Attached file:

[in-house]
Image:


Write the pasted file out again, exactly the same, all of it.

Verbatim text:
[in-house]
Image: